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All Hands on Deck

Addiction medicine physician eager to partner with UH primary care providers to combat opioid epidemic

UH Clinical Update - February 2018

Jeanette Moleski, DO, has seen the face of addiction. And, she says, it’s not what you think.

Jeanette Moleski, DO

“There’s a misconception that people with addiction are homeless people living under bridges,” says Dr. Moleski, who treats patients at UH Portage Family Health and Addiction Services in Streetsboro. “They’re not. They’re from every profession and every walk of life. They’re really good people. Once we get them in treatment, they return to a normal and healthy life.”

Dr. Moleski has been with UH for just two months, following a career in private practice in Hudson.

“I had no intention of ever leaving private practice,” she says. “However, when I discovered what UH had to offer to my patients and the fact that I could really grow an addiction program, it was a decision that I very happily made. As the program grows, there’s the ability to educate more physicians and to be more accessible to the community.”

For primary care providers who are interested, Dr. Moleski offers ample opportunity for learning more about addiction medicine. Providers can come to her practice in Streetsboro and shadow her for a half or full day. She’s also willing to travel to primary care provider offices to help them get oriented in how to treat dependency and addiction.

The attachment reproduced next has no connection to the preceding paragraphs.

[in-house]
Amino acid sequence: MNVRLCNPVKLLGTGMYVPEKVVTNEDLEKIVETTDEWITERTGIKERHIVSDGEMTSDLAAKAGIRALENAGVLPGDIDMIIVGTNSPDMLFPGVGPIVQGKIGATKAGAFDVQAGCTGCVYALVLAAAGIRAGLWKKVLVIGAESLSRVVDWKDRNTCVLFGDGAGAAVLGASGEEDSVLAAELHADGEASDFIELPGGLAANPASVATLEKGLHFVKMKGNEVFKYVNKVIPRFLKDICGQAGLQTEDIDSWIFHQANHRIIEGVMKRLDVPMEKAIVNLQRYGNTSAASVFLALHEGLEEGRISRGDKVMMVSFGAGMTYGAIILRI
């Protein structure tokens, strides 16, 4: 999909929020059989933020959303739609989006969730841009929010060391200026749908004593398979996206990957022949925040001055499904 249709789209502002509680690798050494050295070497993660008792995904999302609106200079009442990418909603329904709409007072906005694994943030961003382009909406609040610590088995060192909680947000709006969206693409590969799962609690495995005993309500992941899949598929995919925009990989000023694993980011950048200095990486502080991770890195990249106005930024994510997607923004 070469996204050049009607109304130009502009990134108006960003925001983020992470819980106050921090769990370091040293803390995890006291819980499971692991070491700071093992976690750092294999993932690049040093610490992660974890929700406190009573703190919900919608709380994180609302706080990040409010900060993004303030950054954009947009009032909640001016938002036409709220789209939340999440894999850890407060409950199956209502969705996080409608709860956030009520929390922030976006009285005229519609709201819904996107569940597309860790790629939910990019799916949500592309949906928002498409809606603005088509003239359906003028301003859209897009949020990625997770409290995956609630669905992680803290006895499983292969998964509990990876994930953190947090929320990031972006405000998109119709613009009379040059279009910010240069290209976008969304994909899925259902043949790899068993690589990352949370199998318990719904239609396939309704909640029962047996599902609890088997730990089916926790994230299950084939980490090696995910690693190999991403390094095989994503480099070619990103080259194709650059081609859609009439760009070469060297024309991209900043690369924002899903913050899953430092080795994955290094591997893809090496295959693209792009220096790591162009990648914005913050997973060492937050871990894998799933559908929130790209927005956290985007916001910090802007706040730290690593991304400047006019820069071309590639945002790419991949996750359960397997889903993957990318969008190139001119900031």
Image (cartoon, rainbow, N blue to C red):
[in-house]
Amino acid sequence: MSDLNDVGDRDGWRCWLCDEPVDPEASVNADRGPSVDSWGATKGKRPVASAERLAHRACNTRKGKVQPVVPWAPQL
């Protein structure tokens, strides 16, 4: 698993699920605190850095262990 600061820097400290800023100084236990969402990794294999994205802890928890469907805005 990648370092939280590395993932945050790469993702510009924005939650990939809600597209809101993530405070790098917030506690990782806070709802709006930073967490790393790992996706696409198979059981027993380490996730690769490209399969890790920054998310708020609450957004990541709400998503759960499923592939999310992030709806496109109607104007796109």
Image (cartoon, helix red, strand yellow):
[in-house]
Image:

“I can make sure they have the right paperwork and are off to a good start,” she says. “I can also serve as a resource for doctors who are starting to treat addiction patients and have questions.”

Dr. Moleski earned her medical degree at Des Moines University College of Osteopathic Medicine. Although she is board-certified in both family medicine and addiction medicine, her focus for the last eight years or so has been on patients with dependency and addiction.

“I very much enjoy helping this population of patients,” she says. “If more doctors really knew how great it was to treat addiction patients, we’d have a surplus of doctors treating them. You see people get better and stay better. You the transformation of their lives right before your eyes.”

Although each patient’s care path is unique, most of Dr. Moleski’s patients start treatment with two to three office visits a week, tapering down to weekly and eventually monthly once they are stable. This intensity leads to a personal connection that enhances the effects of the treatment.

“We know when they get a job, a promotion, become engaged, and even when they get a new dog,” she says. “They realize that we really care about them as individuals.”

Another key component of this doctor-patient relationship is careful listening.

“They all have a story about how they came to be where they are,” Dr. Moleski says. “It’s very important to listen to that story and really understand what they are telling you.”

“People with addiction and dependency need to be mended,” she adds. “If you mend anything, you need both a needle and a thread. The medication is the needle; the counseling and meetings are the thread. The two go together to help mend the patient back into good health.”


To contact Dr. Moleski about opportunities to learn more about addiction medicine, please call 330-422- 7725.